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Issue:- 02/03 June 2010

FPB talks about the World Cup

WITH the World Cup just over a week away, the Forum of Private Business is advising its members to plan ahead for the likelihood that some employees will take more of an interest in their team’s fortunes than their duties and want to watch games during work hours.

This year's tournament in South Africa has made life somewhat easier for some employers operating ‘nine to five’, Monday to Friday hours because kick-off times for England’s group matches are at weekends or in the evening during the week.

However, international football championships and other big sporting events often lead to staff being more distracted than normal and a raft of requests to view matches live.

The Forum’s advice includes the following tips:-

Do nothing... If employees choose to be absent on that day without taking a holiday they leave themselves open to some form of disciplinary warning for unauthorised absence.

Screen the matches at work... An employer could install a television or projector screen at work so that employees can watch the game and use the occasion as a team-building event – then no one will have to take days off. Alternatively, they can listen to it on the radio. However, you should be aware with either of these options that the correct TV licence or licence from the Performing Rights Society will be required.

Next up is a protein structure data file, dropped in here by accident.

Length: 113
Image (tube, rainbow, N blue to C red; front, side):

Allow flexible working... Another option is to let employees leave early to watch the game, but require them to make up the lost working hours during the week.

Use annual leave... A simple solution is to invite staff to book annual leave if they wish to watch a match.

Make watching the games a perk... The two hours off work that the match will typically take to watch can be used as an incentive based upon individual or group performance.

Avoid discriminating... Employers should be aware that, to avoid discriminating against staff members who are not supporting England, or uninterested in football, employers should offer the same concessions to all employees.

“Sporting events like the World Cup can present major headaches for small firms whose employees are understandably excited and want to watch games during work hours. Work is work and it is important to know when to draw the line on issues such as unauthorised absenteeism and declining productivity, but the sensible approach for both employers and their staff is to be flexible. Watching games together in work can help tem members to bond, as long as the lost hours are made up later, and firms could consider granting staff time off if cover is available.“
said the Forum’s Head of Policy Matt Goodman.

To help its members with their HR issues, the Forum provides a 24 hour legal helpline, legal expenses insurance and comprehensive business insurance packages. In addition, small businesses can benefit from the Forum’s annually-updated employment guide containing practical step-by-step guidance and templates covering every area of employment.